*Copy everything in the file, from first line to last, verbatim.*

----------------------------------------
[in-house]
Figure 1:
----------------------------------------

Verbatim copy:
[in-house]
Figure 1: